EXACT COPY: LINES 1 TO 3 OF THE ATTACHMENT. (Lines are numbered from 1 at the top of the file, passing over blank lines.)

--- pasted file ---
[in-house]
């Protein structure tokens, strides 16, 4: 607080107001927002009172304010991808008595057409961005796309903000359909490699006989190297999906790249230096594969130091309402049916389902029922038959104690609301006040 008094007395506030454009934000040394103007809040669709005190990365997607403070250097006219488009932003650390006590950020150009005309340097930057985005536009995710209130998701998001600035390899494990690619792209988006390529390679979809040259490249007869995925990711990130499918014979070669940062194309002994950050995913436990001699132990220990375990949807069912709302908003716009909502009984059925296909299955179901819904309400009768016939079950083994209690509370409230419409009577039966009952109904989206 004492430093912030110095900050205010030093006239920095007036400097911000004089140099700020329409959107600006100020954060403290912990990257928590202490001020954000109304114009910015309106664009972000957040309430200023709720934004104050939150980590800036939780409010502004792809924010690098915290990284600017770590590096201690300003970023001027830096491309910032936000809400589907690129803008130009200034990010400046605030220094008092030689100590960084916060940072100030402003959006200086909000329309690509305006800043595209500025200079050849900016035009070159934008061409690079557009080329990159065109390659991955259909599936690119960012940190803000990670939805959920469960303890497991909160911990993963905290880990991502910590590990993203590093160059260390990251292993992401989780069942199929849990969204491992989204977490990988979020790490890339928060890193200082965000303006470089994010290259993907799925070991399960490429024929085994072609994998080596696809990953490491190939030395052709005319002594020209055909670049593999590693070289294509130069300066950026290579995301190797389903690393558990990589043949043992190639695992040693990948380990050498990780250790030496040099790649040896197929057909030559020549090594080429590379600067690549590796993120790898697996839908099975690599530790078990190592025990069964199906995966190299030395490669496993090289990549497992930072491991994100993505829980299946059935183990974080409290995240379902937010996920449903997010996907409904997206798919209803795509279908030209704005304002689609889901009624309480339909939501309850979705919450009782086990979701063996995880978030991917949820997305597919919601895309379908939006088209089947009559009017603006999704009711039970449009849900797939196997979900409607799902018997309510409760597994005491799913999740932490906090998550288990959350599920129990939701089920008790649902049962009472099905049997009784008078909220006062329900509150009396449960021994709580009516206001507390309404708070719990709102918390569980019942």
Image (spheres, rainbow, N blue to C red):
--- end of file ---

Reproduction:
[in-house]
């Protein structure tokens, strides 16, 4: 607080107001927002009172304010991808008595057409961005796309903000359909490699006989190297999906790249230096594969130091309402049916389902029922038959104690609301006040 008094007395506030454009934000040394103007809040669709005190990365997607403070250097006219488009932003650390006590950020150009005309340097930057985005536009995710209130998701998001600035390899494990690619792209988006390529390679979809040259490249007869995925990711990130499918014979070669940062194309002994950050995913436990001699132990220990375990949807069912709302908003716009909502009984059925296909299955179901819904309400009768016939079950083994209690509370409230419409009577039966009952109904989206 004492430093912030110095900050205010030093006239920095007036400097911000004089140099700020329409959107600006100020954060403290912990990257928590202490001020954000109304114009910015309106664009972000957040309430200023709720934004104050939150980590800036939780409010502004792809924010690098915290990284600017770590590096201690300003970023001027830096491309910032936000809400589907690129803008130009200034990010400046605030220094008092030689100590960084916060940072100030402003959006200086909000329309690509305006800043595209500025200079050849900016035009070159934008061409690079557009080329990159065109390659991955259909599936690119960012940190803000990670939805959920469960303890497991909160911990993963905290880990991502910590590990993203590093160059260390990251292993992401989780069942199929849990969204491992989204977490990988979020790490890339928060890193200082965000303006470089994010290259993907799925070991399960490429024929085994072609994998080596696809990953490491190939030395052709005319002594020209055909670049593999590693070289294509130069300066950026290579995301190797389903690393558990990589043949043992190639695992040693990948380990050498990780250790030496040099790649040896197929057909030559020549090594080429590379600067690549590796993120790898697996839908099975690599530790078990190592025990069964199906995966190299030395490669496993090289990549497992930072491991994100993505829980299946059935183990974080409290995240379902937010996920449903997010996907409904997206798919209803795509279908030209704005304002689609889901009624309480339909939501309850979705919450009782086990979701063996995880978030991917949820997305597919919601895309379908939006088209089947009559009017603006999704009711039970449009849900797939196997979900409607799902018997309510409760597994005491799913999740932490906090998550288990959350599920129990939701089920008790649902049962009472099905049997009784008078909220006062329900509150009396449960021994709580009516206001507390309404708070719990709102918390569980019942």
Image (spheres, rainbow, N blue to C red):